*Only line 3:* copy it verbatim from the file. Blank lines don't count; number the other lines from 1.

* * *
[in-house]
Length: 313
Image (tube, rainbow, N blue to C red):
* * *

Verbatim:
Image (tube, rainbow, N blue to C red):